A serious analysis with asking why we have Social Security. If we were not so used to it, we would find it odd for the government to collect money from young workers and give it to the old (mostly workers' parents). One rationale is that the government should help people who lack discipline to save for old age. I have never embraced this paternalistic view.
What Barro is arguing is that we should get rid of Social Security as we now know it, rather than replacing part of it with private accounts. He would like to trim back Social Security by making it a program that offers only a minimum benefit that is the same for all, in order to prevent extreme poverty among the elderly; indexing the minimum benefit to prices rather than wages; and raising the retirement age. Thus, he supports all of the major methods of shrinking future benefits.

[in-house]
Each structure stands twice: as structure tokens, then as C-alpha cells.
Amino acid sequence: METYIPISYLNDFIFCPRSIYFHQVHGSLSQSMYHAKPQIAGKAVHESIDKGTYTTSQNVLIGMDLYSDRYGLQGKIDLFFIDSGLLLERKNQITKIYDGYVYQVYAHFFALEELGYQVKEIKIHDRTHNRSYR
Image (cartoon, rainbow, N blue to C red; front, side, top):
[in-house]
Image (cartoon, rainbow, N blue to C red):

The Washington Post was excited to report this as a split among conservatives on the Social Security issue. In fact, I believe that conservatives are quite united in their belief that it is a fiendishly bad program (fiendishly bad because the pay-as-you-go structure is so difficult to unwind). There are tactical differences over how best to go about taming the monster.
For Discussion. What are the pros and cons of Barro's (and Tyler Cowen's) idea of trimming Social Security benefits to a fixed minimum benefit?